One word was heat, for which most students had no trouble finding hot. (Though one student wrote tropical.) Another student then said ‘What about heatable and heatful?’. I said ‘What?!’. He pointed at the dictionary app on his phone. I said approximately ‘Well, I understand I those words but I’ve never seen or heard them in my life. Forget them. If you’ve ever got a choice between hot, heatable and heatful, keep it short and simple, and choose hot.’
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Just before I woke up this morning, I had a long, vivid, fragmented dream. In the last scene, ‘dream I’ was standing in a licenced club next to a man who was looking at the front cover of a gambling magazine, featuring a photo of an apparent famous professional gambler. The man said ‘I want to study his – mercy’ (obviously not sure about the last word). ‘Dream I’ said ‘The word you want is mertique’, at which point I woke up.

‘Real I’ lay there befuddled, trying to decide whether mertique was a real but very rare word, with the meaning ‘another word for technique, most often used about sales staff and gamblers’ or whether my sub-conscious had simply made it up, and if so, why?

After some time, I came downstairs, searched (my default resource) and got no result. I did a general Google search and got ‘About 1,460 results’, including user names on various social media, business names (Mertique Spa), ‘sirloin mertique’ and sentences which look like Latin (one of which turns out to be a mis-OCR-ing of ‘mortique’ (morti(s)+que is identifiably Latin)). Setting Google Translate to ‘detect language’ detects Latin, but then translates it as mertique. None of which explains why my sub-conscious brain chose to use it.

Mertique could be an English word – it fits the sounds and syllable patterns. But apparently it’s not.


A moment ago I saw the word affinity on a website, which jogged a memory from all the way back in grade 1 of primary/elementary school. The teacher had told us about infinity. Soon after, a female classmate (my only serious rival as the most advanced student in the class) drew a picture of a dancer with a large number of streamers, with the caption effinity streamers. I managed not to say anything to her, but I was inwardly scathing that she had misunderstood the concept and mis-spelled the word. Or maybe she hadn’t misunderstood: the first dictionary I checked just a moment ago includes the definition ‘indefinitely or exceedingly great’. There was certainly an exceedingly great number of streamers. (If I’d had to draw a picture illustrating infinity I would have drawn stars.)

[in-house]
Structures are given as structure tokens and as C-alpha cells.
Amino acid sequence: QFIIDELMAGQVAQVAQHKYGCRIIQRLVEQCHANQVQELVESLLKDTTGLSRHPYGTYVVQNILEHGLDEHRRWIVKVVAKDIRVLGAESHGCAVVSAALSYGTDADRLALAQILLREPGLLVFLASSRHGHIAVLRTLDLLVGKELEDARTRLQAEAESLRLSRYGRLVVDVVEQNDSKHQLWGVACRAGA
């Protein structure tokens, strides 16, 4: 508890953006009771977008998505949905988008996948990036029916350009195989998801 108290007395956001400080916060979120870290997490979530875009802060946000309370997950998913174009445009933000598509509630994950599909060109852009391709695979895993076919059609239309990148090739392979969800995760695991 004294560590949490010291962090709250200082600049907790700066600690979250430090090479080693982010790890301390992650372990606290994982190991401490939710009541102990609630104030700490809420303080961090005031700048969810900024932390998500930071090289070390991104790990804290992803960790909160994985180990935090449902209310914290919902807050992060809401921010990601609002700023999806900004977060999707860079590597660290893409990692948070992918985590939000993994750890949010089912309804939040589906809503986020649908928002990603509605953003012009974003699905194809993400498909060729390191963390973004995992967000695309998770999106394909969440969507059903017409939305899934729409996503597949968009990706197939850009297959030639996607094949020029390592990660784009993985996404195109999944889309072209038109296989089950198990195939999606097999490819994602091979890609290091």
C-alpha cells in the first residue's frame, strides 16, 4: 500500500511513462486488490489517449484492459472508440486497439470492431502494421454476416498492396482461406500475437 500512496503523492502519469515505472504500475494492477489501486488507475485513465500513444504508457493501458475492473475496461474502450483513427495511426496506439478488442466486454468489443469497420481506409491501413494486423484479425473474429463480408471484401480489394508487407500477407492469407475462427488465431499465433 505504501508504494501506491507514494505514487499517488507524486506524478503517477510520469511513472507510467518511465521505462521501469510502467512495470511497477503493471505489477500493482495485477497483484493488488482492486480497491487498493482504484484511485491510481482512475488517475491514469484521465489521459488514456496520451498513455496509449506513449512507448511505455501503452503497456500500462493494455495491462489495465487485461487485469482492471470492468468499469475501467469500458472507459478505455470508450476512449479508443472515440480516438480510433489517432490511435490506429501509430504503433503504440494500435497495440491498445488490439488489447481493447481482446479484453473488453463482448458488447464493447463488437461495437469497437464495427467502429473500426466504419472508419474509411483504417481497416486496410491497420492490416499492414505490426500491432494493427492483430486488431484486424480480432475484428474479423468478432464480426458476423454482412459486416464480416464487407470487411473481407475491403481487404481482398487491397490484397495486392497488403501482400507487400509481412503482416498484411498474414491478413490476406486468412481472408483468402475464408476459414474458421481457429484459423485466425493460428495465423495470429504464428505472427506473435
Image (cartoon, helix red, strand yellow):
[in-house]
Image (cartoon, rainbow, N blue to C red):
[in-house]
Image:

Another definition is ‘unbounded or unlimited; boundless; endless’. Most internet service providers talk about unlimited connection (previously dial-up, now broadband). One ISP is currently advertising limitless broadband. English allows for negative adjectives in the form un-N-ed and N-less (and also non– and il-/in-/im-/ir-). Unlimited is the earlier form and is still used almost four times as much as limitless. On the other hand, boundless has been (slightly) more used than unbounded since 1820.

There doesn’t seem to be any difference in meaning (though mathematics may have specialised usages of limit-related words). In terms of the internet, Google Ngrams records unlimited internet from 1991 and unlimited broadband from 1992 (which may be a glitch in the data – the rate for 1993-1997 is identical) and limitless internet and limitless broadband not at all up to 2008 (when its data finishes).

Fine for parking here

Yesterday in class, someone, whether a student or I, said something about either one word with two different meanings or two very similar words, which made me think, ‘Oooh, are those two meanings/words actually related?’. After class, I promptly forgot about it, until mid-evening, when I suddenly had a memory of it happening, but no memory of what the meanings/words were. After some racking of my brains, I thought, ‘I’ll look in the textbook tomorrow morning’.

Fortunately, I remembered to do that, and found the word. The topic was traffic, and the textbook introduced compound nouns: bus lane, railway station, seat belt etc. One was parking fine, and I’d said something like ‘That’s not the same word as fine, ok’, before thinking ‘Oooh …’.

Before you continue, think for a moment whether fine, ok is related to parking fine, and if so, how?